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Aircraft Mechanic, Aviation Maintenance Technicians, Aviation Maintenance Schools

Aviation Maintenance Technicians: Job Outlook

Job opportunities for aircraft mechanics should be excellent for individuals who have completed an Aviation Maintenance Technician program at an FAA-approved school. Employment of aircraft mechanics is expected to increase about as fast as the average for all occupations through the year 2012. This is primarily based on a large number of aircraft mechanics expected to retire over the next decade and create several thousand job openings per year. In addition, others will leave to work in related fields, such as automobile repair, as much of their skills are transferable to other maintenance and repair occupations. Also contributing to favorable future job opportunities for mechanics is the long-term trend towards fewer students entering technical schools to learn skilled maintenance and repair trades. Avionics technicians are projected to increase at a slower than average rate.

As the economy improves, a growing population should increase passenger traffic and create the need for more aircraft mechanics over the next decade. If the number of graduates from aviation maintenance technician programs continues to fall short of employer needs, opportunities for graduates of mechanic training programs should be excellent.

Many of the students who have the ability and aptitude to work on planes are choosing to go to college, work in computer-related fields, or go into other repair and maintenance occupations with better working conditions. If the trend continues, the supply of trained aircraft mechanics will not be able to keep up with air transportation industry needs when growth resumes in the industry.

Job opportunities for aircraft mechanics are expected to vary among various employers. Opportunities are likely to be best at the smaller commuter and regional airlines, at FAA repair stations, and in general aviation. Commuter and regional airlines are the fastest growing segment of the air transportation industry, but wages in these companies tend to be lower than those in the major airlines, so they attract fewer job applicants. Also, general aviation aircraft are becoming increasingly sophisticated, boosting the demand for qualified mechanics. Mechanics will face more competition for jobs with large airlines because the high wages and travel benefits that these jobs offer generally attract more qualified applicants than there are openings. Job prospects will be best for applicants who have experience. Mechanics who keep abreast of technological advances in electronics, composite materials, and other areas will be in greatest demand.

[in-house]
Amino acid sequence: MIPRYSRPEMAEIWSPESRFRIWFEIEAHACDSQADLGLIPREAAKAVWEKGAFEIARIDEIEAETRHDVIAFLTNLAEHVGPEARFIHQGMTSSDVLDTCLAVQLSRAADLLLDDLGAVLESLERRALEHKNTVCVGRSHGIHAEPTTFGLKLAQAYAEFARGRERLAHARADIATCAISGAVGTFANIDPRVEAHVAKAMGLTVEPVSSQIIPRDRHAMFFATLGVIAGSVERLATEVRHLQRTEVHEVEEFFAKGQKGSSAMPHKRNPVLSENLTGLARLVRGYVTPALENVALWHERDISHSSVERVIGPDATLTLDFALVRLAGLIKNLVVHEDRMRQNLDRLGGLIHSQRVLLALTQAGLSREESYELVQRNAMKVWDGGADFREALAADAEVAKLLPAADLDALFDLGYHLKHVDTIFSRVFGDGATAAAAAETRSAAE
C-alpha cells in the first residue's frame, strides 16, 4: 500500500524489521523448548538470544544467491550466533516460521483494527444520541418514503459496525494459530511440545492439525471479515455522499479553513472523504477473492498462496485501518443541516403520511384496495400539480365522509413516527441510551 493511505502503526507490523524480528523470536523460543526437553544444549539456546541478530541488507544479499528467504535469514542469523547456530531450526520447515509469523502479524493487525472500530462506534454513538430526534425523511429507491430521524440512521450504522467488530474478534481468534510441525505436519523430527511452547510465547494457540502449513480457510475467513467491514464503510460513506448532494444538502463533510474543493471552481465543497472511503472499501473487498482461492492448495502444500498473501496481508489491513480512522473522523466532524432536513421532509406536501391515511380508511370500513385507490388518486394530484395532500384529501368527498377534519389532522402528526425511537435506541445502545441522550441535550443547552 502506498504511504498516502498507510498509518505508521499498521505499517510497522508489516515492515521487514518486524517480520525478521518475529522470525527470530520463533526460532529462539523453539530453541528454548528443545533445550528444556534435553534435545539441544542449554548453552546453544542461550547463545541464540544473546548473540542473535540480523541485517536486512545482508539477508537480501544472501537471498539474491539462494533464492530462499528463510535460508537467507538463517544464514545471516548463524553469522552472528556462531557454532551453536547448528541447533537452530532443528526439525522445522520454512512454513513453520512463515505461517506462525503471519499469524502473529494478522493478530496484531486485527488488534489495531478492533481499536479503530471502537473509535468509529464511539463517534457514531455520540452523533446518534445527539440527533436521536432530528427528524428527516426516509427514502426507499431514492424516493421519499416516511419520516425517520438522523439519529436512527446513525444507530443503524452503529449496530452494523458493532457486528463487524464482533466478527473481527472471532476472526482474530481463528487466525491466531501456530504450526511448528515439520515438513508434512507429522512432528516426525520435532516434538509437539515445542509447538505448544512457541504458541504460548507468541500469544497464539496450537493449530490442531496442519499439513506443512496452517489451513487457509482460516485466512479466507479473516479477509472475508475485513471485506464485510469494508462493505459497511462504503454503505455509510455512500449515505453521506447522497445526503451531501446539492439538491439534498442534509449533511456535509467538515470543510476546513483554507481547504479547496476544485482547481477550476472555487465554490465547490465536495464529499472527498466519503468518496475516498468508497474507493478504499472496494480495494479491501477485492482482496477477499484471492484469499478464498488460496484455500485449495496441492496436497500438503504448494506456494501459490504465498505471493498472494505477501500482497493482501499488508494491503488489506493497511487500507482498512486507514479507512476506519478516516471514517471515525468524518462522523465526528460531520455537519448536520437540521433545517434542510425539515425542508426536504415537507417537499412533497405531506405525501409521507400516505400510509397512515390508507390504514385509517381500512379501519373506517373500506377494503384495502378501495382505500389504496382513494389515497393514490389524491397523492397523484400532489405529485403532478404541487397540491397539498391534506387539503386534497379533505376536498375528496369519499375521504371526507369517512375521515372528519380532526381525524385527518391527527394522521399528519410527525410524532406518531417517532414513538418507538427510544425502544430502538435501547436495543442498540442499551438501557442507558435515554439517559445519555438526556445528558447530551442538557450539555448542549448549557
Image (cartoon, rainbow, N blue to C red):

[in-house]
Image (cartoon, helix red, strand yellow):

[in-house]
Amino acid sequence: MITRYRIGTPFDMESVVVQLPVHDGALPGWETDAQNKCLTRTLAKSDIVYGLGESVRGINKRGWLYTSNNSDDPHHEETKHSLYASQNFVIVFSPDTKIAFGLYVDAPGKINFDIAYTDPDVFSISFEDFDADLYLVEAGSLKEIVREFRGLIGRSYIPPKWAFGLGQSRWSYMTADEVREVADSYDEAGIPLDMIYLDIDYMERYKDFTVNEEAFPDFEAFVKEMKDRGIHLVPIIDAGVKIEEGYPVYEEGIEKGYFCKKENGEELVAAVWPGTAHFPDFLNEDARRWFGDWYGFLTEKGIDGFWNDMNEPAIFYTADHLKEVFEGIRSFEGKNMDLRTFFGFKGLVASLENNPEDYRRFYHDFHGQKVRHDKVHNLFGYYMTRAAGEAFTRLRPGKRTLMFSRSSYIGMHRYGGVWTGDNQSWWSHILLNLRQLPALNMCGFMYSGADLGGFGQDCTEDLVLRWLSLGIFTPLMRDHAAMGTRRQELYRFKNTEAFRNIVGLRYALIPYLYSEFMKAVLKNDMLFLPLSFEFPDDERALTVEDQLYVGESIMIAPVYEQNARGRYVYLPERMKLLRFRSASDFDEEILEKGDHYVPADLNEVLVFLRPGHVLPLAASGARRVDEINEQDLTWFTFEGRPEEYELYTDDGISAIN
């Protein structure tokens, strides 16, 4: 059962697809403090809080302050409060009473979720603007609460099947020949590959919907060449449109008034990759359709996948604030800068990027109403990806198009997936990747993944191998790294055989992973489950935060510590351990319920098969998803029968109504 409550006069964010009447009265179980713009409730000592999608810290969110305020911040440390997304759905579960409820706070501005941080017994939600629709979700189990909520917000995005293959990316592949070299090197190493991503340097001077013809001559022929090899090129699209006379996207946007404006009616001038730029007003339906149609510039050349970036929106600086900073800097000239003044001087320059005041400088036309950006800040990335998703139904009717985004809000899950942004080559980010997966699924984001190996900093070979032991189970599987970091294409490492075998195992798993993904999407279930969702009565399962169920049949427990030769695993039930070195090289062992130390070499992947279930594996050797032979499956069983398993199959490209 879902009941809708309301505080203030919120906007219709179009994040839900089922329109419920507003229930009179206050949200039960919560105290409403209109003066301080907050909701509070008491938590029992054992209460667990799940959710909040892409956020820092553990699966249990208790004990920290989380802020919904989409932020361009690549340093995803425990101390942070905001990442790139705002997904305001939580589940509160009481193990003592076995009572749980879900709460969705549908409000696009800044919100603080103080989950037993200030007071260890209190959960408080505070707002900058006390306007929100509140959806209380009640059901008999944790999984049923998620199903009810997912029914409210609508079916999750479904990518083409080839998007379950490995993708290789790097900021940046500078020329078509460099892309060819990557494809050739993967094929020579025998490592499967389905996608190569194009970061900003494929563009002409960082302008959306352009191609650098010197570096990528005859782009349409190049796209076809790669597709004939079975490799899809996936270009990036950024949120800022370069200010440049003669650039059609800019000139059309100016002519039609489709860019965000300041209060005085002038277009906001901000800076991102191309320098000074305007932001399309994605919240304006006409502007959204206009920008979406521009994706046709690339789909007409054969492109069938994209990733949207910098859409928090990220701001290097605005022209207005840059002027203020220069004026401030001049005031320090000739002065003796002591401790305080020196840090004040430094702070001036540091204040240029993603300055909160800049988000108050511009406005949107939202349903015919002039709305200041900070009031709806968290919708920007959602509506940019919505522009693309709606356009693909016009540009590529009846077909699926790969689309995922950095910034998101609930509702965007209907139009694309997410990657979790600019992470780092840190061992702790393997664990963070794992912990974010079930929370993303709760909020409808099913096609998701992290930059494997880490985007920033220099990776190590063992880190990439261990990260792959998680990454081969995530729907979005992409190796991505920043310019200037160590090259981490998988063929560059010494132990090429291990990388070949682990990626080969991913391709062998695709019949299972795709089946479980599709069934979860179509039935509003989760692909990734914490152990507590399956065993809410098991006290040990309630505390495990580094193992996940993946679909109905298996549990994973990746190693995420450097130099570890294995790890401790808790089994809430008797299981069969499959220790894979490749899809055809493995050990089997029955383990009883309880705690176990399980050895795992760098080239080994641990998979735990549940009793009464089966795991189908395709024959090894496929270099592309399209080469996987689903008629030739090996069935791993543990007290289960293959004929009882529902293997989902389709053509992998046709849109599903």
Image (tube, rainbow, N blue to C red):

Aviation Employers hiring Aviation Maintenance Technicians

Most airlines and general aviation firms require an A&P certificate from the FAA. Aircraft mechanics held about 154,000 jobs in 2002; about 1 in 6 of these workers was an avionics technician. Nearly 40 percent of aircraft mechanics worked for air transportation companies and close to 20 percent worked for private maintenance and repair facilities. About 20 percent worked for the Federal Government, and about 13 percent worked for aerospace products and parts manufacturing firms. The remaining percentage of mechanics worked for companies that operate their own planes to transport executives and cargo; and few mechanics and technicians were self-employed.

Most airline mechanics work at major airports near large cities. Civilian mechanics employed by the U.S. Armed Forces work at military installations. Large proportions of mechanics who work for aerospace manufacturing firms are located in California or in Washington State. Others work for the FAA, many at the facilities in Oklahoma City, Atlantic City, Wichita, or Washington, DC. Mechanics for independent repair shops work at airports in every part of the country.

With an FAA Airframe & Powerplant Certificate, you'll be eligible to work for a variety of employers such as:
• Airlines (Major, National, Regional, and Scheduled Airlines)
• Repair stations
• Helicopter operators
• Military aviation
• Government agencies (i.e. Federal Aviation Administration (FAA))
• Corporate and Charter operators
• Aircraft manufacturers, service and maintenance companies
• Cargo companies
• Flight Schools
• Transportation Companies (Railroad,
• Large businesses with their own fleets of planes

Typical Hiring Requirements for Aircraft Mechanics and Aviation Maintenance Technicians:

• Have a high school diploma or GED
• A & P certificate
• Have work experience
• Have mechanical aptitude
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How to become an Aircraft Mechanic or Aviation Maintenance Technician

Sources by: Federal Aviation Administration, US Occupational Handbook, and U.S. Department of Defense.



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